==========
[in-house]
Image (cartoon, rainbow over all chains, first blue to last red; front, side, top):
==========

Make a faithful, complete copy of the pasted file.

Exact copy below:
[in-house]
Image (cartoon, rainbow over all chains, first blue to last red; front, side, top):